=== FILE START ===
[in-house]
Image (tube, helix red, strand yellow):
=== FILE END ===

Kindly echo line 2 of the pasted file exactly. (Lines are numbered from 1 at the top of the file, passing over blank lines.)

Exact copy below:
Image (tube, helix red, strand yellow):